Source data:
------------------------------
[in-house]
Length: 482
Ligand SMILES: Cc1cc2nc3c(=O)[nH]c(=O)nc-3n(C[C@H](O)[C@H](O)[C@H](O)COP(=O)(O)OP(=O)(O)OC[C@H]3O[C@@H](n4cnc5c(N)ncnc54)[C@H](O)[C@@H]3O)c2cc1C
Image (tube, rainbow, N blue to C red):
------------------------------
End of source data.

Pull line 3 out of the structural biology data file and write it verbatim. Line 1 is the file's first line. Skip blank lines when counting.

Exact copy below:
Ligand SMILES: Cc1cc2nc3c(=O)[nH]c(=O)nc-3n(C[C@H](O)[C@H](O)[C@H](O)COP(=O)(O)OP(=O)(O)OC[C@H]3O[C@@H](n4cnc5c(N)ncnc54)[C@H](O)[C@@H]3O)c2cc1C